“I’m a optimist and I believe in world peace; thus my works are maps to a better tomorrow.”
So says painter and printmaker Mongezi Ncaphayi. His metaphysical comment is a response to his recent showing at the sixth London edition of 1:54, the Contemporary African Art Fair. It’s the second showcase at the grand Somerset House location for Ncaphayi, and his cartographic reference to his latest work matches a biographical trajectory in which a highly notable level of creative output reflects the far-reaching impact of the specifically non-figurative and ultimately abstract pieces he produces.
Born in 1983 in Benoni, South Africa, Ncaphayi has dexterously notched up a striking portfolio of achievements that include (amongst many others) the Absa L’atelier Gerard Sekoto Award (South Africa), Ampersand Foundation Fellowship (New York), two solo exhibitions with SMAC (his South African gallerists), a series of group exhibitions in Amsterdam, France, and Portugal, as well as important collections housed at the Smithsonian National Museum of African Art in Washington, the Luciano Benetton Foundation in Italy, and the Tiroche DeLeon Collection in Gibraltar.
Of the 19 or so selected works for his 1:54 showcase, he presents a beautifully cadenced palette of colours and forms – almost like soothing mood boards – that range from translucent blues, pale greys, and golden hued yellows, to oceanic scapes that are profoundly scenic.
It was inspired by my hope to see the world transform into a more tolerant, loving place for all.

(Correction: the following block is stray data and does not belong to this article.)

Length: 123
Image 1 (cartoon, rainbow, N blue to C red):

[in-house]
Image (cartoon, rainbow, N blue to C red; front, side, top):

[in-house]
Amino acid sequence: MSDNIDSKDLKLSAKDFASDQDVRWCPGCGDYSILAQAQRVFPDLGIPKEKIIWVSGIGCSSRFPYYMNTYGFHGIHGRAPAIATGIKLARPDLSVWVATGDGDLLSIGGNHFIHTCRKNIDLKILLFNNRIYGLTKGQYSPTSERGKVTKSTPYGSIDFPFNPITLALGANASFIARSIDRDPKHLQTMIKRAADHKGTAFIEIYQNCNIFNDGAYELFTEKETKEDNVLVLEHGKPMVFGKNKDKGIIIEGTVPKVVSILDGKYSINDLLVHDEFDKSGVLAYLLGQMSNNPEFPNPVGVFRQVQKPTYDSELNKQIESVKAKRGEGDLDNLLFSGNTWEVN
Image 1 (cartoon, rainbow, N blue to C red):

“Organic,” “environmental,” and “lyrical” were some of the audible reactions to his pieces at 1-54; all of which the artist is happy to accept. “I’d go along with these as they are somehow what I’m mostly interested in and striving for in my work,” he says. It’s perhaps Ncaphayi’s five-piece Metamorphosen sequel (prominently displayed at the art fair) that has a particular resonance with who he is as an artist. “I produced the series just a month before the fair,” he explains. “It was inspired by my hope to see the world transform into a more tolerant, loving place for all.”
Once again echoing his self-expressed optimism, his familiar motif of Indian ink, watercolour, and acrylic on cotton paper in this particular deeper-toned cinque exposes a background in music that plays out in his work. As a saxophonist, the overall symphonic quality of his pieces and the semblance of movement emanate from the balance between the ecological-style of his deep-sea accents, and the interspersed linear dashes or subtle splashes of red that add a continual sense of animated harmony.
To me, his chosen colour palettes and rhythm seem reminiscent of the syncopated literary style of Toni Morrison in her 1992 novel, Jazz, in which 1920s Harlem was placed firmly in the spotlight. More accurate is the fact that the dominant colour choice for Ncaphayi reflects his fondness for melancholic melodies and tunes – despite his natural character.
“I’m always a happy person,” he states, “but there’s something about the blues that gets me going. I guess it’s because I like to get into deep feelings about things. It’s my way of getting to understand the world around me.” Creatively, his painting dominates his music, although he does use lyrical elevation as a meditative tool for progression. Name checking a delightful selection of past and present icons, from Charles Lloyd, Bheki Mseleku, and Dwight Trimble to Mark Rothko, Charlene Von Heyl, and Kimsooja as inspirations, the fusion of “still and tangible” art and “fleeting non-tangible” music helps Ncaphayi to look at both art forms as one.
“A piece of music is somewhat a map of its own,” he says, adding, “It takes you from one point to another and, within that, there’s a whole lot of other interesting points you get to, in order to reach the final destination. This is the same with my works. When playing music and listening to myself, I experience certain feelings that I put down in terms of shape, line and structure.”
An article by Nana Ocran
Featured image : Mongezi Ncaphayi, Devotion, 2018, Indian Ink, Watercolour & Acrylic on Cotton Paper, 140 x 100cm
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